Staff Recommends 2010

 


You'll find many more ideas in the Reader Services Page, the Fiction Booklist Section and among our previous Staff Recommendations.

Book Talk: We Recommend
Recommended by Jacqueline Barillet, Assistant Circulation Supervisor

Bonobo Handshake by Vanessa Woods (599.88 Woods)Bonobo Handshake
Oh? What’s a bonobo? Although they’ve started to become better known due to Sara Gruen’s Ape House, the real scoop on these unusual animals is in this book. They look like small chimpanzees, but are genetically different. They live in a matriarchal society, don’t kill each other, don’t have wars, are very affectionate and cooperate extensively. This book details their lives in a bonobo preserve in Africa, where orphan bonobos are rehabilitated. (Their parents are often killed for meat.) The writer, a young animal researcher, mixes tales of the bonobos with stories of her life with her sometimes difficult husband and the staff of the preserve, making the book an easy read even though it’s nonfiction. The characters (each bonobo is quite a character) and their interactions are both warmly appealing and thought provoking. This is a fun read as well as an interesting commentary on our fellow creatures, who are so like and yet so unlike us and chimpanzees.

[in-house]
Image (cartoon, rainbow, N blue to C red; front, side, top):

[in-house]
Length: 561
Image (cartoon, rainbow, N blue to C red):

Sheen on the Silk by Anne Perry (Fiction)Sheen on the Silk
Anne Perry, the famed author of Victorian mysteries, has branched out to another area of history. Her story begins in late 13th-century Byzantium. A young woman physician leaves her comfortable home in Nicaea to come to Byzantium to prove the innocence of her brother, who has been accused of murder. In order to gain acces to the inner circles of the city, she disguises herself as a eunuch, which is a challenge in itself, and sets herself up as a physician. She then has to deal with emperors, bishops, Jewish herbalists, wealthy families and ship captains to unravel the interwoven plots and intrigues leading up the murder. The resulting gripping tale involves multiple characters with many different loves, jealousies and resentments, and as usual with Perry, you feel yourself there, Amid the intrigue, you also learn the fascinating history of major theological conflicts and power plays of that time which may not be well known to you.

Book Talk: We Recommend
Recommended by Christine Hunnefeld, Collection Development Librarian
Zoo Story: Life in the Garden of Captives by Thomas French Zoo Story(590.73 French)
A behind the scenes look at the Lowry Park Zoo in Tampa Florida. Pulitzer Prize-winning journalist Thomas French presents a balanced examination of conservation and captivity issues. The book opens with an investigation into the ethics of flying wild elephants across the ocean to live in zoos to save them from slaughter in their native land because of elephant overcrowding in shrinking habitats.